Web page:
I've met Slash. I saw him in LA when I was down there in 1998 or so, saw him walking around and said "howdy" as he walked by. He responded with "hey." And walked on by. I've had that same conversation with a lot of celebrities over the years.

Alan Moore looks even crazier than I'd imagined. He's an amazing writer. I'd put anything he's written in the last decade up against anyone else writing in the same timeframe and I'd say that Moore would win … except maybe when compared to Mieville (who certainly has a similar feeling to Moore's work) and Stross. Other than those two, and maybe Iain Banks, he's the best!

He is indeed, but what I like best about Moore is his understanding of what comics/graphic novels are all about: visuals. Take a look at Rorsharch's battle with the SWAT team in Watchmen -- it shows that the guy knows action. I really look forward to that movie, though I don't like the look they've given Ozymandias.

I've loved musicals since I was a kid, but my family didn't have much money to go to New York or even SF to see them too often and I often had to rely on cast recordings and AmDram to get my fixes. I did see a bunch of them during college though, the plus of going to a performing arts school. To me, the perfect American Musical is City of Angels. It's the best piece of post-modern theatre ever created. You've got a truly American detective concept, mingling with a tale of a writer selling out and some of the best music you'll ever hear. It's a magnificent combination and it blends fantasy and reality flawlessly, showing how one both enforces and counteracts the other. A masterpiece. I also love Assassins, though it's only slightly in the category of the Fantastic. Brigadoon is another favourite of mine, mostly for the dances that every version of it I've ever seen feature. There was a musical version of Rip Van Winkle that I enjoyed when I was much younger. It's good to see Forever Plaid up there. I saw that show at least 3 times and always loved it. Sondheim's Into the Woods was another great one for a kid of 12 to see on American Masters from PBS. I've always loved Sondheim (I used to sing songs from Company to myself on the swings as a kid) and that was his most fantastical musical at the time. I'm currently working on writing a musical myself. It's not fantasy, but a screwball-ish comedy about three guys trying to make their fill for the rest of the year during the last night before Prohibition sets in.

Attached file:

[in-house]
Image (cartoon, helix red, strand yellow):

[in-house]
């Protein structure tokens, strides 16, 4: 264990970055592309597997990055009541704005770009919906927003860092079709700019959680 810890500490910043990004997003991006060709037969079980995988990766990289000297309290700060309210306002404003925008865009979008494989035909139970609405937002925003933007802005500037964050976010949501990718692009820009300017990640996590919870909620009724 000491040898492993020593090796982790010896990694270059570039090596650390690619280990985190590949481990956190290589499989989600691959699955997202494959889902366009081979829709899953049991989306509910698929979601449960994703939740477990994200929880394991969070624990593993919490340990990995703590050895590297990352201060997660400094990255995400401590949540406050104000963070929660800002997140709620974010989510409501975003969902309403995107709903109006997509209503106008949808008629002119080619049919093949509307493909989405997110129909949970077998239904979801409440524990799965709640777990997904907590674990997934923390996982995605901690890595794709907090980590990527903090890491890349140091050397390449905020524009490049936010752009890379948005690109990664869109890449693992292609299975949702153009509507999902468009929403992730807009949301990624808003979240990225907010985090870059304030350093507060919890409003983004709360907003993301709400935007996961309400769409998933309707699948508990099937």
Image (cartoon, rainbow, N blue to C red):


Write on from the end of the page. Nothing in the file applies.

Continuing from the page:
Nolacon. I wish I had been there. It sounds like one of those times when I'd find the most interesting little nugget of joy and spin it around until I had cotton candy…

You've put out an issue that puts anything I'll ever do to shame. Well-played, Mr. Lillian. Well-played indeed…

With two Hugo nominations this year, you've played this game pretty well yourself. Thanks for the nice egoboo towards Chall in your "Hugo Handicapping" issue!